On August 22, ALLC assured API in writing that ALLC would "hire a substantial number of [API's] current employees" such that "[t]he jobs of fewer than 50 people will be affected by termination." Id. at 99. The letter also included an "Employment Application Schedule" to be posted for API's employees so they would know that ALLC would accept applications from the employees on Monday, August 28, and on Tuesday, August 29. Id. at 100. In an August 23 letter from API's attorney to the union representing some of API's employees, API stated that it was "in the process of being sold" to ALLC and notified the union that it was exercising its rights under the labor agreement's "Severance Allowance" clause "to close the plant, terminate the bargaining unit employees, and pay all eligible employees their severance pay." Id. at 144. The letter also stated, "It is [API's] understanding that after any sale is concluded [ALLC] will begin taking applications for employment on Monday, August 28, 2000, at 8:30 a.m. It is hoped that all of [API]'s current employees will make application for employment with [ALLC]." Id. at 145.
The sale closed on August 25, the same day API terminated the employment of its employees. By September 25, ALLC had hired "a substantial number of former [API] employees."2 Wilson v. Airtherm Prods., Inc., No. 2:01 CV 00055-WRW, 2001 WL 34818807, at *2 (E.D. Ark. Sept. 10, 2001). In March 2001, a number of API's former employees, including those hired by ALLC, sued API for failing to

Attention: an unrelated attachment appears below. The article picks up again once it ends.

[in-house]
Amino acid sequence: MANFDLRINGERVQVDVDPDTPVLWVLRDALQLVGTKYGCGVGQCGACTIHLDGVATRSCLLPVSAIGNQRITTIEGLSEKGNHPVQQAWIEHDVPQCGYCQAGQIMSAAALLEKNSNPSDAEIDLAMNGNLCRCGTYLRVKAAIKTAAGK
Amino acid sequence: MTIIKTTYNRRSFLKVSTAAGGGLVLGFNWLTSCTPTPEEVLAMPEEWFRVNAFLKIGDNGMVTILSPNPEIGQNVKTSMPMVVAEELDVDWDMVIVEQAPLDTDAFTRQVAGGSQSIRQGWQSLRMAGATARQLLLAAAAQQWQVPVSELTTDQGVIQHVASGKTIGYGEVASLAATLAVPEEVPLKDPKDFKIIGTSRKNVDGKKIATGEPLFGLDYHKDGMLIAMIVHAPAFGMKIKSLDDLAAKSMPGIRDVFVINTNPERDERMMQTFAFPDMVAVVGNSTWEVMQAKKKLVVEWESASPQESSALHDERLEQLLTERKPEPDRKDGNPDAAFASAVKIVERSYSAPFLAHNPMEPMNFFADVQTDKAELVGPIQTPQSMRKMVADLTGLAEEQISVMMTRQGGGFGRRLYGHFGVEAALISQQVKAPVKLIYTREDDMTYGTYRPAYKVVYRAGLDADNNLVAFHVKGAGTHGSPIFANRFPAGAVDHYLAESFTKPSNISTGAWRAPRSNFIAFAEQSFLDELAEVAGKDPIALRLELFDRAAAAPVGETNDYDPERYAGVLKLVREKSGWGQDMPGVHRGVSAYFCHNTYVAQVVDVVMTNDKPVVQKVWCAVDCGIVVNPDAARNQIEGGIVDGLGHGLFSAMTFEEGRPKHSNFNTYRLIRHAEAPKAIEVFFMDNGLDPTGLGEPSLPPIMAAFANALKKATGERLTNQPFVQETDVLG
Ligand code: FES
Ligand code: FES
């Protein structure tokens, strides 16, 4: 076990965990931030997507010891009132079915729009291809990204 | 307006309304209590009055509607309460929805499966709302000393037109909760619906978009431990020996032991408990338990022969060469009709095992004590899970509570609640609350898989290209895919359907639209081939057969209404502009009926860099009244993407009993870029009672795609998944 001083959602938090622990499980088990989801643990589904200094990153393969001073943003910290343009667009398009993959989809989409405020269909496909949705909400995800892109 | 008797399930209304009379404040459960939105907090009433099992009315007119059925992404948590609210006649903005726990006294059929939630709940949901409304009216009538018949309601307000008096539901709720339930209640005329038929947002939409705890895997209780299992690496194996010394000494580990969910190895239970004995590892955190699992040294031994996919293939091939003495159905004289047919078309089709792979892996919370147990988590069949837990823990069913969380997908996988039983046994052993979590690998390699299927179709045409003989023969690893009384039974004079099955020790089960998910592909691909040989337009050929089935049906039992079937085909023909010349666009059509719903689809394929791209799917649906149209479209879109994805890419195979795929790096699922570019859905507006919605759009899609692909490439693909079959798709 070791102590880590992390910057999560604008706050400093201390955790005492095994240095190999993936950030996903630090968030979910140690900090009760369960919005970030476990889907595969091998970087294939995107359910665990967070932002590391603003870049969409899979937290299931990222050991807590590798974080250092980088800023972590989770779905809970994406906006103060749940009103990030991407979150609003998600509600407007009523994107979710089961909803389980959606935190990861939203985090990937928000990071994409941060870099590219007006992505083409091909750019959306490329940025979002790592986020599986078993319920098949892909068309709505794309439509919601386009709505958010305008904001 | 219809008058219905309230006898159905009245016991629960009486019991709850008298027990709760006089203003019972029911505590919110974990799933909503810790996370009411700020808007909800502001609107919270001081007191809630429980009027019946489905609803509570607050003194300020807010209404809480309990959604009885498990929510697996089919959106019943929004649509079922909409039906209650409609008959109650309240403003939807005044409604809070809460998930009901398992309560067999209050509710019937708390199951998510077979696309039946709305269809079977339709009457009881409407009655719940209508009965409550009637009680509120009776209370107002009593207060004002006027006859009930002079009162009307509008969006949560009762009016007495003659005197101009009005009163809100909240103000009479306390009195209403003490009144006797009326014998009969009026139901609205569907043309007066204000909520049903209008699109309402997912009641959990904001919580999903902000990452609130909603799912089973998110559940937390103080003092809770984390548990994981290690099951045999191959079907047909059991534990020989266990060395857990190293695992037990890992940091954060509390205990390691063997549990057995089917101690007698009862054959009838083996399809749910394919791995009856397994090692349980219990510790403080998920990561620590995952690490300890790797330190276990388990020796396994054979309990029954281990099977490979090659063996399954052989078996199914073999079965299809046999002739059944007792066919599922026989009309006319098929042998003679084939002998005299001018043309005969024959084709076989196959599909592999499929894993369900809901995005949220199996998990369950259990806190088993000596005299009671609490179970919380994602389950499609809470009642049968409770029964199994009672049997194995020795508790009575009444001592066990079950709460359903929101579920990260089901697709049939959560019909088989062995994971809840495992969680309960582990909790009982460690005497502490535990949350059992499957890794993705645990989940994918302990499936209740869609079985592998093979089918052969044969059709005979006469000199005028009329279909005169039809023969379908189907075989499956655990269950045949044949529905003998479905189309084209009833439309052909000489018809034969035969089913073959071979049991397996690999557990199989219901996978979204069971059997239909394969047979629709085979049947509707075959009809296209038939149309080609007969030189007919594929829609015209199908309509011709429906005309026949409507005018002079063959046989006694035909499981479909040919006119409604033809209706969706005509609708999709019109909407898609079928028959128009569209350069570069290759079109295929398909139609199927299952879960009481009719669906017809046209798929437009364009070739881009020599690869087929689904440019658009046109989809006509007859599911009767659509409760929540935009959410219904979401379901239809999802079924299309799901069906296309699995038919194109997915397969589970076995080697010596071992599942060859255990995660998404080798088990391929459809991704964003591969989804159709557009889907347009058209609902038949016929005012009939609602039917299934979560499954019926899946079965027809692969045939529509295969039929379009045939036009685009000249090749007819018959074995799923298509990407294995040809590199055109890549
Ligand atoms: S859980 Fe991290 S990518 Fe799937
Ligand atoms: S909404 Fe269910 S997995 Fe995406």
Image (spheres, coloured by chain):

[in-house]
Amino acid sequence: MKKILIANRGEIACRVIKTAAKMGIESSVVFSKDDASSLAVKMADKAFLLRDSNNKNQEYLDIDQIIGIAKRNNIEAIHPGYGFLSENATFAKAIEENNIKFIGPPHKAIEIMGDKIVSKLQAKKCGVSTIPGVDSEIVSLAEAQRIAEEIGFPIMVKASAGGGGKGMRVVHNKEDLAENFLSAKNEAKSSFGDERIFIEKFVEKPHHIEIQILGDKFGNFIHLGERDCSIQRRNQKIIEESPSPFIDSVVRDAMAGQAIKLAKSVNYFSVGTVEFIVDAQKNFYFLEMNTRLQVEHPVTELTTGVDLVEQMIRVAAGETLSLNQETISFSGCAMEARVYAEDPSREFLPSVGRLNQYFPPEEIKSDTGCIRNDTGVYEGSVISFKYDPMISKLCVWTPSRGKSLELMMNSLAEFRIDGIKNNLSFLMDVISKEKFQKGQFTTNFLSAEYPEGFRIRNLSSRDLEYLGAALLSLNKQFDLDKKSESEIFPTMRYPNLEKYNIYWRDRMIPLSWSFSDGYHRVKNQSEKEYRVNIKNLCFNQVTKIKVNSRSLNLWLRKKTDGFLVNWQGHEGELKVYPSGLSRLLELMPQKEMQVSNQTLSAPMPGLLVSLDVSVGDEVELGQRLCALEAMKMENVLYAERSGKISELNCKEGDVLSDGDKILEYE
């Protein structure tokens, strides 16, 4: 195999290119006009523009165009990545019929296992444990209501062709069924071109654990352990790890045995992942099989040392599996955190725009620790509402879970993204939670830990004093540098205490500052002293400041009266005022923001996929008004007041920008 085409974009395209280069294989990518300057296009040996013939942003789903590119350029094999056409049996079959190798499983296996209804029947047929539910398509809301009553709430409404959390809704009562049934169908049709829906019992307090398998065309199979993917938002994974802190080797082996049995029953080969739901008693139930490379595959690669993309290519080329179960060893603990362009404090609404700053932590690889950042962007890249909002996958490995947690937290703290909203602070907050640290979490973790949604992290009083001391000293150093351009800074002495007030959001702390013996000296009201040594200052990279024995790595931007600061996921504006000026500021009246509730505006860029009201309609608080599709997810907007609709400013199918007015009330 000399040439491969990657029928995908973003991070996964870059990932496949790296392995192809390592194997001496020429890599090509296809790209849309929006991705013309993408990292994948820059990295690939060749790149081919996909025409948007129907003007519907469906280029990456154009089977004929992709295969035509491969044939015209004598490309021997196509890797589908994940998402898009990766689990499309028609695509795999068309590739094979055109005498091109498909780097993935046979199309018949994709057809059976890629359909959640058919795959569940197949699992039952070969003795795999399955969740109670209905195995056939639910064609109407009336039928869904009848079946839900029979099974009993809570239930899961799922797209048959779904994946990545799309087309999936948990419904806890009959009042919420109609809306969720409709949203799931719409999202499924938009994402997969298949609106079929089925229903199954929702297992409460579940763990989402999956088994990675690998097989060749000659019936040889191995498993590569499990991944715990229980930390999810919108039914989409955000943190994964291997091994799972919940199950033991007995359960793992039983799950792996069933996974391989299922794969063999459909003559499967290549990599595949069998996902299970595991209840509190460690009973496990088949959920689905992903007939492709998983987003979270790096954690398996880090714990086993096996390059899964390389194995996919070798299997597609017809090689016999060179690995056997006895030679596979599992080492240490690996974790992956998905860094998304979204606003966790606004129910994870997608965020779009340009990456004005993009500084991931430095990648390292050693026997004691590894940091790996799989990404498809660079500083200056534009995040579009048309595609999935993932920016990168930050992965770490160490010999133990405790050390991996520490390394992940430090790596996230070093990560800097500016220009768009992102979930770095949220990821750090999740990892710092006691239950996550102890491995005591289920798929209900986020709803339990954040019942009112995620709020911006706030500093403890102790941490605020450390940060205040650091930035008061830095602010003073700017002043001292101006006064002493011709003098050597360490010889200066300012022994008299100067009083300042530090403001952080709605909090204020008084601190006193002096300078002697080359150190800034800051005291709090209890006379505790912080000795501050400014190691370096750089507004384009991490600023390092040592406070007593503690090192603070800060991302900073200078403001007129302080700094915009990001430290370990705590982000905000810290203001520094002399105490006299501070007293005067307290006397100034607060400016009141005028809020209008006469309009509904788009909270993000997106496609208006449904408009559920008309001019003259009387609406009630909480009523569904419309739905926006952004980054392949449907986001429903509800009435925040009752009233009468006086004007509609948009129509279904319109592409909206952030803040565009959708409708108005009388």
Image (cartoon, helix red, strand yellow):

give notice of a plant closing under the WARN Act. The District Court granted summary judgment to the employees. In deciding this appeal, we do not address the majority of issues raised by API or the employees. Instead, we focus solely on the District Court's interpretation and application of the WARN Act's sale-of-business exclusion.
The WARN Act requires an employer to provide written notice to employees at least sixty days before a plant closing. 29 U.S.C. § 2102(a)(1). The purpose of the notice requirement is to provide "workers and their families some transition time to adjust to the prospective loss of employment, to seek and obtain alternative jobs and, if necessary, to enter skill training or retraining that will allow these workers to successfully compete in the job market." 20 C.F.R. § 639. 1(a) (2005). Although the notice requirement may seem straightforward, its application often depends on the WARN Act's technical definitions. For instance, the WARN Act defines plant closing as "the permanent or temporary shutdown of a single site of employment . . . result[ing] in an employment loss . . . during any 30-day period for 50 or more [full-time] employees." 29 U.S.C. § 2101(a)(2). The WARN Act defines an employment loss as "an employment termination, other than a discharge for cause, voluntary departure, or retirement." Id. § 2101(a)(6)(A).
Critical to this case, however, is the WARN Act's exclusion of sales of businesses from what constitutes an employment loss:
In the case of a sale of part or all of an employer's business, the seller shall be responsible for providing notice for any plant closing . . . up to and including the effective date of the sale. After the effective date of the sale of part or all of an employer's business, the purchaser shall be responsible for providing notice for any plant closing .... Notwithstanding any other provision of this chapter, any person who is an employee of the seller (other than a part-time employee) as of the effective date of the sale shall be considered an...